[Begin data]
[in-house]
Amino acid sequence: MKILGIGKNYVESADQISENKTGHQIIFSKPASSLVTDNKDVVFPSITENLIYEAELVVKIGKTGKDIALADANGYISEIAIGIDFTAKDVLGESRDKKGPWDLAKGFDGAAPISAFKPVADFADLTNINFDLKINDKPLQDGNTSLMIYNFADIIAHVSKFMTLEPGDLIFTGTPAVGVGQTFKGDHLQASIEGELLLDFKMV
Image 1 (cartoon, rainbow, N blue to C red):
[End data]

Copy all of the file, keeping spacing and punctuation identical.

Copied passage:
[in-house]
Amino acid sequence: MKILGIGKNYVESADQISENKTGHQIIFSKPASSLVTDNKDVVFPSITENLIYEAELVVKIGKTGKDIALADANGYISEIAIGIDFTAKDVLGESRDKKGPWDLAKGFDGAAPISAFKPVADFADLTNINFDLKINDKPLQDGNTSLMIYNFADIIAHVSKFMTLEPGDLIFTGTPAVGVGQTFKGDHLQASIEGELLLDFKMV
Image 1 (cartoon, rainbow, N blue to C red):